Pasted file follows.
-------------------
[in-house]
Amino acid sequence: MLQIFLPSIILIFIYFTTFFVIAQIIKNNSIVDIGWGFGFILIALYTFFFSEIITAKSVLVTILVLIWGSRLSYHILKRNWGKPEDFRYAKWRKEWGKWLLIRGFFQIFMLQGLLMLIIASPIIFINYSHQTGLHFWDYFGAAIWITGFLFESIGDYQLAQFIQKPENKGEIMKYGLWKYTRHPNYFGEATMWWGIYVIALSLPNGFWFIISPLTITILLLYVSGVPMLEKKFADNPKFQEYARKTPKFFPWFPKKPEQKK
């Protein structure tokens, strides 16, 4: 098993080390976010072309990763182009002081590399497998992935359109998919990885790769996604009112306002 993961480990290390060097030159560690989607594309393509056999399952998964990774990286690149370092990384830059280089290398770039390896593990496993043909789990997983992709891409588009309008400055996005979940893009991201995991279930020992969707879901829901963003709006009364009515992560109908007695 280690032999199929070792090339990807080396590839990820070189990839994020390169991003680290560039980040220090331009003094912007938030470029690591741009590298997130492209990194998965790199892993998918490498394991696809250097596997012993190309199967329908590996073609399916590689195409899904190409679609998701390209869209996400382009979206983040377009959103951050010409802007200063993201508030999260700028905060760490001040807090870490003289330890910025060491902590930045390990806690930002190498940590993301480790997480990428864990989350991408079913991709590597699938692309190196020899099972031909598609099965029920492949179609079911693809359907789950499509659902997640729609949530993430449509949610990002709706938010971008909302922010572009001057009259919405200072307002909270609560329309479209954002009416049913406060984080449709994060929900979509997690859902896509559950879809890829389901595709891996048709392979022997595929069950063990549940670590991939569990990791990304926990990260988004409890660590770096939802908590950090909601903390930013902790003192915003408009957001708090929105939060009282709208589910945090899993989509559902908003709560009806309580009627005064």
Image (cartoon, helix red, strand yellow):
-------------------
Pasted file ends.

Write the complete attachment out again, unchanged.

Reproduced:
[in-house]
Amino acid sequence: MLQIFLPSIILIFIYFTTFFVIAQIIKNNSIVDIGWGFGFILIALYTFFFSEIITAKSVLVTILVLIWGSRLSYHILKRNWGKPEDFRYAKWRKEWGKWLLIRGFFQIFMLQGLLMLIIASPIIFINYSHQTGLHFWDYFGAAIWITGFLFESIGDYQLAQFIQKPENKGEIMKYGLWKYTRHPNYFGEATMWWGIYVIALSLPNGFWFIISPLTITILLLYVSGVPMLEKKFADNPKFQEYARKTPKFFPWFPKKPEQKK
């Protein structure tokens, strides 16, 4: 098993080390976010072309990763182009002081590399497998992935359109998919990885790769996604009112306002 993961480990290390060097030159560690989607594309393509056999399952998964990774990286690149370092990384830059280089290398770039390896593990496993043909789990997983992709891409588009309008400055996005979940893009991201995991279930020992969707879901829901963003709006009364009515992560109908007695 280690032999199929070792090339990807080396590839990820070189990839994020390169991003680290560039980040220090331009003094912007938030470029690591741009590298997130492209990194998965790199892993998918490498394991696809250097596997012993190309199967329908590996073609399916590689195409899904190409679609998701390209869209996400382009979206983040377009959103951050010409802007200063993201508030999260700028905060760490001040807090870490003289330890910025060491902590930045390990806690930002190498940590993301480790997480990428864990989350991408079913991709590597699938692309190196020899099972031909598609099965029920492949179609079911693809359907789950499509659902997640729609949530993430449509949610990002709706938010971008909302922010572009001057009259919405200072307002909270609560329309479209954002009416049913406060984080449709994060929900979509997690859902896509559950879809890829389901595709891996048709392979022997595929069950063990549940670590991939569990990791990304926990990260988004409890660590770096939802908590950090909601903390930013902790003192915003408009957001708090929105939060009282709208589910945090899993989509559902908003709560009806309580009627005064």
Image (cartoon, helix red, strand yellow):